But this use of language goes deeper in another sense too. This time what she carves into the wall is, in essence, illegible. The talisman that Taghavi has appropriated and carved on the wall is an architectural fragment whose Arabic script—on the sovereignty of God—is incomplete. What is carved into the wall is an ornament; it is decorative. It, in other words, is meant to be integrated into the wall instead of popping out, instead of forcing its authority on the audience. In this depth—both literal and figurative—and in remaining illegible to us all, her work this time searches for, or rather, begs for a commonality. Her archeology does not aim to excavate an object, but by carving an object in the wall, it is excavating a spirit: it is a demand for commonality in the face of widespread uncertainty.

Reverse Archeology, 8.5 ft x 8.5 ft, Maryam Taghavi, Sullivan Galleries, 2017

Reverse Archeology, 8.5 ft x 8.5 ft, Maryam Taghavi, Sullivan Galleries, 2017

Reverse Archeology also disrupts conceptions of space and the passage of time. By carving this talisman—a replica of an Egyptian artifact from the Metropolitan Museum’s collection in New York—on the walls of Sullivan Galleries in the heart of Chicago, Taghavi returns the power absorbed by the institute (e.g. Metropolitan Museum) to a personal rendition of the artifact. She pushes the spatial power of the artifact further. It is not only moved from the Metropolitan to the Sullivan Galleries, but, she reminds us, from Egypt to the U.S. Highlighting this relocation and resurrecting the power of the talisman, this time in the city of Chicago, begs the question: from what and from whom are we being protected?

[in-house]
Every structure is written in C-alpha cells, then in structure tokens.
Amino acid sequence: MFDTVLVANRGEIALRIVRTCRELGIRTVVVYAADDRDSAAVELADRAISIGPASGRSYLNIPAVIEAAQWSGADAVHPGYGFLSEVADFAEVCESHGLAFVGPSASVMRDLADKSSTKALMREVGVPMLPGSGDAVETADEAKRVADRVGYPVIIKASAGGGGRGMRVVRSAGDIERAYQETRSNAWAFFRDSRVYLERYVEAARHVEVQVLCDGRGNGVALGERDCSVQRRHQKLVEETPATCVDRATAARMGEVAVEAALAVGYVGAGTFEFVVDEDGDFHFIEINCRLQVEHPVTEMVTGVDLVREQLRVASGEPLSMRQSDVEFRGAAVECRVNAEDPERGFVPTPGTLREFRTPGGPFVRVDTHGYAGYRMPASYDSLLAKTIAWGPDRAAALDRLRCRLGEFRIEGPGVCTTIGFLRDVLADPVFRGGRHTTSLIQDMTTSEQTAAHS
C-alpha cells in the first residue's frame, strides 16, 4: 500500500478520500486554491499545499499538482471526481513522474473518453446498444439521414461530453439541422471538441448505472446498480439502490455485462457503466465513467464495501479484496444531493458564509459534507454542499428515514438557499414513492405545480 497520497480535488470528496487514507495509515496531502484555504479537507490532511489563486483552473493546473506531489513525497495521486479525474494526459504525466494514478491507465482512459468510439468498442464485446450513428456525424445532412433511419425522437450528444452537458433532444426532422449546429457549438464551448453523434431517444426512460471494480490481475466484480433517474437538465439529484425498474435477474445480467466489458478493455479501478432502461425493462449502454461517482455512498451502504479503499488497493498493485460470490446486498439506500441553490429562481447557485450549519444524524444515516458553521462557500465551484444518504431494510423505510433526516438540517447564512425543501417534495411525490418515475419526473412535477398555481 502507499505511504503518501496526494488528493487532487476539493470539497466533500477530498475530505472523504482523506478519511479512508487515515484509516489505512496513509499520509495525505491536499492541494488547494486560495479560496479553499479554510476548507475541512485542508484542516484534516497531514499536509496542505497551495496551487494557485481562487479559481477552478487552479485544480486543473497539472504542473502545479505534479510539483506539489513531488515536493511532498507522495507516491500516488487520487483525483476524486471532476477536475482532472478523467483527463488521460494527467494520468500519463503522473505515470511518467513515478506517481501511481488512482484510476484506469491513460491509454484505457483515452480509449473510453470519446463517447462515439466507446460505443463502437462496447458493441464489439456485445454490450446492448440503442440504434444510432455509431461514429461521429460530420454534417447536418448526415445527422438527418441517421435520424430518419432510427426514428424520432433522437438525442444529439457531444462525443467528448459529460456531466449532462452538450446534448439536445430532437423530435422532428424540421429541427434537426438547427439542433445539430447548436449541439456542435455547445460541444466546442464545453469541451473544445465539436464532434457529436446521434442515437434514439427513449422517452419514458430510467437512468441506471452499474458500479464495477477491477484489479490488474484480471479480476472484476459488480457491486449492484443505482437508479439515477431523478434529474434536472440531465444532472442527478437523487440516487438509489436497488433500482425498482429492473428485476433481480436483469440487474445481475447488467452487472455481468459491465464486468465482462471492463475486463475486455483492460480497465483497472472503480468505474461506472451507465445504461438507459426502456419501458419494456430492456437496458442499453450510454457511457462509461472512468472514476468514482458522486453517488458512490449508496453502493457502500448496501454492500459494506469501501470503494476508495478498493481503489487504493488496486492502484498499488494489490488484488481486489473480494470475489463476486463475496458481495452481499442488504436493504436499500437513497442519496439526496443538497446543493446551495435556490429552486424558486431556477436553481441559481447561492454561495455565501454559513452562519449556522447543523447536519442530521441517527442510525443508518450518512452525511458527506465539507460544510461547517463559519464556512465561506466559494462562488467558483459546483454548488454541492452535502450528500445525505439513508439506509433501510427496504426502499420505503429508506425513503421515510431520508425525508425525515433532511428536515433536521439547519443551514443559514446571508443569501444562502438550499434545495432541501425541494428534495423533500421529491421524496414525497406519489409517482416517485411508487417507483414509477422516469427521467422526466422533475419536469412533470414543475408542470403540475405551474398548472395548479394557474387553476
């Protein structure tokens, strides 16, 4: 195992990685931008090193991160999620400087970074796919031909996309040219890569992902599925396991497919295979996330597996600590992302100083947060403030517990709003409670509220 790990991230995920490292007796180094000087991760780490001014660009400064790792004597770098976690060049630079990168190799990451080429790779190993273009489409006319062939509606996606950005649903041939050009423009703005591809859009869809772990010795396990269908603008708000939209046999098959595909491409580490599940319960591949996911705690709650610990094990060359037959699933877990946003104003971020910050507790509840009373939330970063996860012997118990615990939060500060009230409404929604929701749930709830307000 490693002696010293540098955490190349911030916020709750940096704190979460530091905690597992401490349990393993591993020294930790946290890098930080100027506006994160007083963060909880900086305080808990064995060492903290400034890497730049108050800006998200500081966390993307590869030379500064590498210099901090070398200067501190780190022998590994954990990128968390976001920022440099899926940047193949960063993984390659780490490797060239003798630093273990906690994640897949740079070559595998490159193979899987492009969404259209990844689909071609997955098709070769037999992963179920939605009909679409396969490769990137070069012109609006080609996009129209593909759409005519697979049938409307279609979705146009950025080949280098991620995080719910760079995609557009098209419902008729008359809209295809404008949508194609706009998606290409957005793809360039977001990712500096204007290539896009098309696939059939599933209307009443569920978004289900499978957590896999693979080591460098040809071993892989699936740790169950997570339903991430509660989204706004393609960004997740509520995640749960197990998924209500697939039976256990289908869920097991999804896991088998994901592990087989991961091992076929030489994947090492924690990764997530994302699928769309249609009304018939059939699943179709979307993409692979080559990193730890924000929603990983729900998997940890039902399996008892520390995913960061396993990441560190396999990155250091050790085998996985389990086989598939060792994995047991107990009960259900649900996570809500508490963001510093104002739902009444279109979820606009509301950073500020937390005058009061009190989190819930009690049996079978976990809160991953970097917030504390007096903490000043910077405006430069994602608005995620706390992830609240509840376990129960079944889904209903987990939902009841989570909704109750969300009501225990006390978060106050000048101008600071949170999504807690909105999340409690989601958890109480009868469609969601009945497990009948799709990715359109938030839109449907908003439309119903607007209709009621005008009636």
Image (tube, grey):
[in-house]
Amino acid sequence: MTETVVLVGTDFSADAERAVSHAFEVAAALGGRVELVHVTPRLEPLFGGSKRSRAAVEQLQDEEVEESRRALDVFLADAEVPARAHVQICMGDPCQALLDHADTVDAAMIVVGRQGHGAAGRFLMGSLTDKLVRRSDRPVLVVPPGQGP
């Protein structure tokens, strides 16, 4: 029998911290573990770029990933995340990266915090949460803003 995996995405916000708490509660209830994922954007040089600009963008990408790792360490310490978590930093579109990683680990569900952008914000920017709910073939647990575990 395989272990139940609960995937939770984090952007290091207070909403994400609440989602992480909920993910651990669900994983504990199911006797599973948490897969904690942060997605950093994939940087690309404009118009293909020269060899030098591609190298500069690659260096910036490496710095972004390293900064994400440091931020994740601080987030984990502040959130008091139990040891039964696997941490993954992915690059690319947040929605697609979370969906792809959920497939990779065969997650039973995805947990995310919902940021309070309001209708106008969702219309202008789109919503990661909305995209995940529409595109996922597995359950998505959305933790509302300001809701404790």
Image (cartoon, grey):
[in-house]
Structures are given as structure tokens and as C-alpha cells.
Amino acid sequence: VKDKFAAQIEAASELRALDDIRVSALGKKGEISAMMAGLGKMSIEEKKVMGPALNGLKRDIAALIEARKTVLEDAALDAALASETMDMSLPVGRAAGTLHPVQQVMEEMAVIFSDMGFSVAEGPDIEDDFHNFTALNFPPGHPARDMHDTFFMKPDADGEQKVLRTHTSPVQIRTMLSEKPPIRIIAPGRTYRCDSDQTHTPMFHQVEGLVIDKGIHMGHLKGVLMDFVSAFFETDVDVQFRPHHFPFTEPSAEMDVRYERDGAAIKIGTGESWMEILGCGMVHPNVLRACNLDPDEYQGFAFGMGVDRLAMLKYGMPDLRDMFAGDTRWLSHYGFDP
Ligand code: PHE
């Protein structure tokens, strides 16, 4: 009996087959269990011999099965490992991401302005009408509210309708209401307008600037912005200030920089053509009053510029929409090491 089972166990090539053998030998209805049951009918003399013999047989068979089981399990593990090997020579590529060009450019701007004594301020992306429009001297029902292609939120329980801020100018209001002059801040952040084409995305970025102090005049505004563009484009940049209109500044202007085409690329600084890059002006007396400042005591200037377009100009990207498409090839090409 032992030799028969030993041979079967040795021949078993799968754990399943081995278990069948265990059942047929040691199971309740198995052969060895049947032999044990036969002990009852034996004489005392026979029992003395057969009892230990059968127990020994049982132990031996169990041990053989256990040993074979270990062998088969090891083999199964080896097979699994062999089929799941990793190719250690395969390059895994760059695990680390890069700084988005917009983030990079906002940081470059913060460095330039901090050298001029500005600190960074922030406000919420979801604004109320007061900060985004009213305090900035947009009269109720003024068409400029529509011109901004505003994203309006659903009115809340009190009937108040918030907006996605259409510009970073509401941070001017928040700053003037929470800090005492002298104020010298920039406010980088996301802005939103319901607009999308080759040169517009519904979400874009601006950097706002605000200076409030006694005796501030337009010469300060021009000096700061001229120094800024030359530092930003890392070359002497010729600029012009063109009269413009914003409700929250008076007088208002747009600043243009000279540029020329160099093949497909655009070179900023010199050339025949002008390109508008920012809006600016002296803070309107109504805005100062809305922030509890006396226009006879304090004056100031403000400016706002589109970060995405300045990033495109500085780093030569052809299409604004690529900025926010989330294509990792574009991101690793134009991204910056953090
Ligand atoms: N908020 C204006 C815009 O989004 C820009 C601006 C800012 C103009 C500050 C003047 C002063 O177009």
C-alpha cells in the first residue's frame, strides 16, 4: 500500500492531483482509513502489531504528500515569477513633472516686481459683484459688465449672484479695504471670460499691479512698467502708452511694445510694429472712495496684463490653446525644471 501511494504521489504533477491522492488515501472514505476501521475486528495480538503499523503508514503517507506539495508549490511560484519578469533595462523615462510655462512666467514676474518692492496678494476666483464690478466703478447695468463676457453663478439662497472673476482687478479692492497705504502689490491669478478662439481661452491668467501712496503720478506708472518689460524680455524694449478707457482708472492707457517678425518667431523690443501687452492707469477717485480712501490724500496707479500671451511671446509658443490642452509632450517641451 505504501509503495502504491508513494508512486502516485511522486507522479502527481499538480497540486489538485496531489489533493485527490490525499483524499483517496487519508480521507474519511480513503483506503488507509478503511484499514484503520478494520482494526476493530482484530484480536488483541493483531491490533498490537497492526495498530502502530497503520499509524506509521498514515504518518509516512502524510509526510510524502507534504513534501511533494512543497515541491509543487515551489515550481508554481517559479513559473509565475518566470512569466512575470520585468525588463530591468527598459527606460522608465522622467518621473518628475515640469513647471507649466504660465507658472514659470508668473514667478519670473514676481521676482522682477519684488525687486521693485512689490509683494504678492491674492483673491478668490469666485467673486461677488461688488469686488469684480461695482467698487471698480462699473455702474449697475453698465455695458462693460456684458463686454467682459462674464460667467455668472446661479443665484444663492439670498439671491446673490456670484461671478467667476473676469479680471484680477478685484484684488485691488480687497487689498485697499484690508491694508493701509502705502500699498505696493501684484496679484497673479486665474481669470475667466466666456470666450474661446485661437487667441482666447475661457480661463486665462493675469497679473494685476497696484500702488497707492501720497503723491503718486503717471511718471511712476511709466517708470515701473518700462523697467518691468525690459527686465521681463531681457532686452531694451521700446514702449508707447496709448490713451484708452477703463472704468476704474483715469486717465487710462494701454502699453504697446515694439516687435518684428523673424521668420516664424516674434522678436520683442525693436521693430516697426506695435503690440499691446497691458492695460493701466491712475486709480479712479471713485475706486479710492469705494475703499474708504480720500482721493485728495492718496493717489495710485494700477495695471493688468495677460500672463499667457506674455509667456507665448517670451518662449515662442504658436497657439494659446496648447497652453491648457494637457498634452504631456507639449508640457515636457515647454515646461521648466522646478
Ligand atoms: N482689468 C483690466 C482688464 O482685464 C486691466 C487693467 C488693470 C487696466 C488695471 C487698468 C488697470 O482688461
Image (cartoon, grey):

Niloofar Sarlati is a PhD candidate in the Department of Cultural Studies and Comparative Literature at the University of Minnesota, Twin Cities. She is a fellow at Paris Program in Critical Theory where she is completing her dissertation tentatively titled, Words of Exchange/Gifts of Words: The Surplus-Value of Politeness in British and Iranian Economies of Modernity.